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Employ SEPIC-Ćuk converter to generate dual supply rails

Posted: 13 Dec 2011     Print Version  Bookmark and Share


This topology can be built with three single-winding inductors, two coupled inductors, a custom 1:1:1 transformer, or a six-winding Hexapath device from Coilcraft (or equivalent). Coupling the inductors reduces current ripple in the inductors by a factor of two (again, Reference 1), significantly reduces the complexity of the small-signal model, and enables higher bandwidth by eliminating the SEPIC and Ćuk resonances.

One of the main advantages of this topology is that a single, standard current-mode boost controller (such as the ADP1621 or ADP1613) can implement both negative and positive outputs, with feedback taken from the SEPIC (positive) output. If the components are chosen according to the following rules, the small-signal model for this complicated converter will look nearly identical to a single-output current-mode SEPIC:

1. Use the same capacitance on each output.

2. The capacitance of C2 should be slightly larger than that of C1. These capacitors are generally ceramic, so the difference in dc bias must be taken into account.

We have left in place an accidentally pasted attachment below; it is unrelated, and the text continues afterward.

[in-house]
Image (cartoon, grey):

3. Coupled inductors should be used, such that L1 is coupled with L4 and L2 is coupled with L3. Identical inductors should be chosen for the both the SEPIC and Ćuk outputs.

By nature, the Ćuk (negative) output of the SEPIC-Ćuk is unregulated; thus, some amount of load variation occurs with output current, particularly with load mismatch, as compared to the SEPIC (positive) output. Note that the tracking is much better than a similarly configured flyback converter, especially in the case of transient or load mismatch, because the coupling between channels is a direct connection rather than through the transformer with its inherent leakage inductance.

With an identical load on both supplies, at steady state, the most significant error terms are the mismatch in DC resistance of the inductors and the forward voltage of the diodes, both of which can be made quite small relative to the output voltage.

With substantial load mismatch, the error grows (figure 4). Therefore, in some applications it may be necessary to put a small dummy load on one or both the channels to keep both supplies in their regulation window. Note that analogue components such as op amps are generally insensitive to dc changes in their power supplies, as long as sufficient headroom is available.

Figure 4: Relative voltage regulation between rails with differential loading.

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